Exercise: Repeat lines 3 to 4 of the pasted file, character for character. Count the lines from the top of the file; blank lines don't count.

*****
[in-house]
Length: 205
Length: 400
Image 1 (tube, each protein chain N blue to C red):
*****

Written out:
Length: 400
Image 1 (tube, each protein chain N blue to C red):